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“We are extremely grateful for the strong support of Farmers and its active role as title sponsor, and we are excited by the commitment Farmers has made to continue sponsorship of the Farmers Insurance Open for an additional seven years.

In partnership with Farmers, the Century Club – the tournament’s host organization – has contributed more than $20 million to deserving organizations benefiting at-risk youth since 2010. 

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Woods impresses DeChambeau, Day on Tuesday

By Ryan LavnerJanuary 23, 2018, 11:27 pm

SAN DIEGO – Bryson DeChambeau played with Tiger Woods for the first time Tuesday morning, and the biggest surprise was that he wasn’t overcome by nerves.

“That’s what I was concerned about,” DeChambeau said. “Am I just gonna be slapping it around off the tee? But I was able to play pretty well.”

So was Woods.

DeChambeau said that Woods looked “fantastic” as he prepares to make his first PGA Tour start in a year.

“His game looks solid. His body doesn’t hurt. He’s just like, yeah, I’m playing golf again,” DeChambeau said. “And he’s having fun, too, which is a good thing.”

Woods arrived at Torrey Pines before 7 a.m. local time Tuesday, when the temperature hadn’t yet crept above 50 degrees. He warmed up and played the back nine of Torrey Pines’ South Course with DeChambeau and Jason Day.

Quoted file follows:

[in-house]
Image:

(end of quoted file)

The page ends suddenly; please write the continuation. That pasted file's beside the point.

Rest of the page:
“He looks impressive; it was good to see,” Day told PGATour.com afterward. “You take (Farmers) last year and the Dubai tournament out, and he hasn’t really played in two years. I think the biggest thing is to not get too far ahead, or think he’s going to come back and win straight away.

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“The other time he came back, I don’t think he was ready and he probably came back too soon. This time he definitely looks ready. I think his swing is really nice, he’s hitting the driver a long way and he looks like he’s got some speed, which is great.”

Woods said that his caddie, Joe LaCava, spent four days with him in South Florida last week and that he’s ready to go.

“Before the Hero I was basically given the OK probably about three or four weeks prior to the tournament, and I thought I did pretty good in that prep time,” Woods told ESPN.com, referring to his tie for ninth in the 18-man event.

“Now I’ve had a little more time to get ready for this event. I’ve played a lot more golf, and overall I feel like I’ve made some nice changes. I feel good.”

Woods is first off Torrey Pines’ North Course in Wednesday’s pro-am, scheduled for 6:40 a.m. local time.